Last spring break, 14 University of Wisconsin Oshkosh students made an impact by working directly with the nonprofit organization “As Green As It Gets” to witness and participate in the Guatemala coffee making process.
The students brought back more from the trip than shared experiences.
They are helping make available to students, faculty and staff As Green As It Gets coffee right in the luxury and comfort of the Titan Underground within Reeve Memorial Union at UW Oshkosh.
“I’m a big fan of buying locally. And we know the farmers, we know their names, we’ve picked coffee with them. So, it’s cool to be able to be back and still drink the coffee,” said Mike Lueder, UW Oshkosh program adviser who has led the trip the past three years.
While the group was in Guatemala, they hiked about a mile and a half up the side of Vulcan de Agua, a Guatemalan volcano, to spend a full day learning the coffee making process: picking, shelling, drying, sorting, roasting and tasting the coffee.
The rest of the time they spent helping the artisans of different small businesses, doing everything from making soaps to woodworking projects and helping build a local school. Lueder said he and the students connected with the farmers and their families in just one week’s time.
“The best part of the trip is always the people,” Lueder said. “Meeting them and connecting with them. They speak Spanish, but you are able to break down the barriers by getting to know them and when you leave you miss them and care about them.”
And even though Lueder misses them, he is able to support them at the Titan Underground through purchasing Americano, Latte and Cappuccino espresso drinks with a variety of flavors, which gives students an opportunity to try the coffee without going to Guatemala.
Senior sociology major Addela Marzofka had an eye-opening experience in Guatemala and hopes everyone will be able to understand the perspective that she was able to gain from helping the Guatemalan farmers.
“Their way of life is so different than ours,” Marzofka said. “They are very focused on family and they eat lunch together every day. They get by with so little and are happy with it, while we complain with having so much more.”
Marzofka encourages everyone to try the coffee at the Titan Underground and vouches not only for its sourcing but also for its quality.
“Another cool thing about working with As Green As It Gets is that it is a direct trade system established, so we know that almost 100 percent we spend on coffee goes back to them and that is seldom the case. At the store it is around 10 percent, so buying from them we are able to put money into the hands that made it,” Lueder said.
Revamps to the Titan Underground
Along with adding Guatemalan coffee, the Titan Underground has also undergone some other menu changes for the 2013-14 academic year. Deep fried items have been replaced with wholesome and flavorful paninis, ballpark-sized stuffed pretzels, a popcorn bar and ice cream.
“We revamped the whole menu in order to give students a variety. The Titan Underground moved away from the fried foods because they didn’t want to compete with the B&G Grill,” said Kelly Kramp, the Reeve Union marketing manager.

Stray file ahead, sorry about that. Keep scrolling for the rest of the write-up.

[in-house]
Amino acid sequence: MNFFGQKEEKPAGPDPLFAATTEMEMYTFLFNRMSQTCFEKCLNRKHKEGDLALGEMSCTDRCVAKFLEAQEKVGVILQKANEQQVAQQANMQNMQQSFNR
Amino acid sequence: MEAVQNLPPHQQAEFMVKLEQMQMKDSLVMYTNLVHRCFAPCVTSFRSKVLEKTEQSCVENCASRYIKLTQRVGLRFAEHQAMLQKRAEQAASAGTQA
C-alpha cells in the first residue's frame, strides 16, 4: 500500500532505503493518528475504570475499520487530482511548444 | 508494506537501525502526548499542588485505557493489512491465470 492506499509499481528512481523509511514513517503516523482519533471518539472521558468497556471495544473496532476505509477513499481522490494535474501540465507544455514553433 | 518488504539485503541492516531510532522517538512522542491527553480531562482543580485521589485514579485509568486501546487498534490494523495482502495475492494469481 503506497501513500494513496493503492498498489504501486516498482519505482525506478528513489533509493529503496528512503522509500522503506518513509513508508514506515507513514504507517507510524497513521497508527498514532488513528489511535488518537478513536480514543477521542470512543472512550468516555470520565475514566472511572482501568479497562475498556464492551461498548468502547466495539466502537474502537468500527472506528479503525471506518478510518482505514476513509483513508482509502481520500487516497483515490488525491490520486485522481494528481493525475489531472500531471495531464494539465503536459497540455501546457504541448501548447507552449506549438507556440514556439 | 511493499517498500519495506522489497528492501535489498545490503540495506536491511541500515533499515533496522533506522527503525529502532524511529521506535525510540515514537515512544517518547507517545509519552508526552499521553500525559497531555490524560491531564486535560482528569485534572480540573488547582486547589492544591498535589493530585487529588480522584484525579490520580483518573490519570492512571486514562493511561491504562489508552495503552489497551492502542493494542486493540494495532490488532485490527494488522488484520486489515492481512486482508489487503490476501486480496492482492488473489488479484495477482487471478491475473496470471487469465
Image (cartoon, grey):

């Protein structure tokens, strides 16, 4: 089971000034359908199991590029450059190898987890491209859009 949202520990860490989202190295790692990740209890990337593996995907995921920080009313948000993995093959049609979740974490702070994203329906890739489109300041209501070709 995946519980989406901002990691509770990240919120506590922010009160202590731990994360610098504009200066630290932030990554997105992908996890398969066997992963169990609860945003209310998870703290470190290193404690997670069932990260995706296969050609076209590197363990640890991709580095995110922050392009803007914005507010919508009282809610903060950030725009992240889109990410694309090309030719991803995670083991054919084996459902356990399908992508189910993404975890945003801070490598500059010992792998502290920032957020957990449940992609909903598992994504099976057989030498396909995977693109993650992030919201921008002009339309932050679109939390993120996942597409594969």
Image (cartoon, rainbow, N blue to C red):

The Titan Underground space has been altered as well. In reaction to students saying it was “cold and dark,” the space has been painted warmer colors, computers and new furniture has been added and brighter lighting was added to make it seem more like home.
Another new aspect to the Titan Underground is the extended hours. It is now open all seven days of the week from 11 a.m. to 10:30 p.m., in order to make it more convenient for students to hang out with friends and find an escape from the hustling and bustling Reeve Union.
“There are so many new opportunities for students. They can play pool for free now. Xbox360, Nintendo, Wii, a variety of card and board games are available anytime when the Titan Underground is open,” said Olivia Hess, a senior studying communications studies and student marketing and human resources manager at Reeve.
Hess has played a large part in the revamp of the Underground and plans on continuing to make changes that will bring students in. Most students know that the Underground hosts shows and events, but she wants the campus and community that the Underground is more than that.
She wants others to realize how people’s passion for their work is making the world a better place. Having the Guatemalan coffee available on campus is just one opportunity for customers to show their support for that ethic.
“It is instilling a chance to make a living out of a passionate life,” Hess said. “We care about ourselves and our hard work ethic, and I feel like there is more than just going to work each day. It is seeing people be recognized for the work that they are doing. It is a good feeling supporting people following their passion.”
Kramp, who has worked on many similar projects to the revamp of the Titan Underground, said it is great to support academics through a study-abroad programming integrated into a campus hang out spot.
“For the students who have travelled on the Guatemala trip, it is neat for them to see it come full circle. This gives students the opportunity to see an impact by not just bringing back photos but by now seeing it one step further at the Titan Underground,” Kramp said.